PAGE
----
In the field of joint prosperity, second-tour Foreign Service Officer Joe Narus took the lead on demonstrating U.S. readiness to assist Vietnam in implementing its commitments under the Trans-Pacific Partnership trade agreement, particularly regarding workers’ rights, environmental protection and intellectual property rights. Working closely with the U.S. Agency for International Development, he pulled colleagues together to brainstorm, drafted a strategy linked to a timeline and reported to the country team each week on progress achieved. He deployed senior officials regularly to engage counterparts, host events with private-sector partners and continually reviewed and revised his strategy. We contributed to and were guided by Joe’s vision.
In the security realm, mid-level FSO Adam Davis pursued three courses of action: a maritime security assistance package, an enhanced humanitarian assistance and disaster relief access arrangement for the Pacific Command, and training for Vietnamese peacekeepers. As most of Vietnam’s military leaders fought us during what they call the “American War,” we had to overcome deep suspicions. The pol-mil cluster led by our defense attaché served as a weekly forum for debate and refinement of strategies, and Adam also updated the country team regularly.
In the field of education, our intrepid desk officer, Jillian Bonnardeaux, dusted off a Peace Corps agreement that many people had tried to complete during the past decade or so. Working with Vietnam’s embassy in Washington, Bureau of East Asian and Pacific Affairs leadership and our embassy team, she corralled lawyers and kept the negotiations moving. Simultaneously, we worked to support the launch of Fulbright University Vietnam, the country’s first private, nonprofit, independent university, based in Ho Chi Minh City. While an independent team conducted negotiations with Vietnamese authorities, our consulate general team, led by Public Affairs Officer Alex Titolo, provided critical support.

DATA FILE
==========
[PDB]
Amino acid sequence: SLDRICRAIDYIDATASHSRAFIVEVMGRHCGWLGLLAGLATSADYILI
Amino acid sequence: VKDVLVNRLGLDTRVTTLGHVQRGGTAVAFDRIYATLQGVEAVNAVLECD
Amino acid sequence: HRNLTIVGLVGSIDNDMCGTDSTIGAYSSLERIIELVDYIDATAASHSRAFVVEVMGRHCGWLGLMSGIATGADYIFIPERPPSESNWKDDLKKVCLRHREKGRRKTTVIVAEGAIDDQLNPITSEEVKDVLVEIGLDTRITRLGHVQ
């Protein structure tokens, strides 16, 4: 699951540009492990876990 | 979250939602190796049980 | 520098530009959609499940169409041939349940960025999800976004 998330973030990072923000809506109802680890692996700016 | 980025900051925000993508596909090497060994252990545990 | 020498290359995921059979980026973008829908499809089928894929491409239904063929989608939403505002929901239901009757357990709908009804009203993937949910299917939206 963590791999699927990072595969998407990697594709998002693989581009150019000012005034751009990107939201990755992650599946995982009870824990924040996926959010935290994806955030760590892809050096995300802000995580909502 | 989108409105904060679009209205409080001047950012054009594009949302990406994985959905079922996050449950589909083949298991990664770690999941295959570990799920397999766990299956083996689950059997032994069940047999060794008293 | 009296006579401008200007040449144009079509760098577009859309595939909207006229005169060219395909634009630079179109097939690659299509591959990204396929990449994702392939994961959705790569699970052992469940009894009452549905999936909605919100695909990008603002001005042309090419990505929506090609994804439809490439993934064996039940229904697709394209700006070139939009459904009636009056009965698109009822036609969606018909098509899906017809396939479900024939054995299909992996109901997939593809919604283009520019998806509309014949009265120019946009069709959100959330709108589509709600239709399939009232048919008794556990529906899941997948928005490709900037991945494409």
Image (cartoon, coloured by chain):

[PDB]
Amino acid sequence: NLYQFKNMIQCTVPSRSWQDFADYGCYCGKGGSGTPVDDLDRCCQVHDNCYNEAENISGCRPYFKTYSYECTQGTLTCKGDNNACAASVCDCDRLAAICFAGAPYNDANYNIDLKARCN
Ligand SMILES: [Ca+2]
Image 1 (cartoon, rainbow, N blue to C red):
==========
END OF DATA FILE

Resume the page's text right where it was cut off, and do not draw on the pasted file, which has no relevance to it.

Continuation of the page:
By the beginning of 2016, we had developed 12 complete strategies for our joint endeavors, and our mission action officers backed up by teams owned each one fully. Deputy Chief of Mission Susan Sutton, Consul General Rena Bitter and I helped coordinate efforts, but each joint endeavor team implemented its strategy with minimal guidance from above. We received generous support from colleagues and leaders at State and the White House, and that support grew over time, bolstered by a series of high-level visits preceding the “Big Visit.”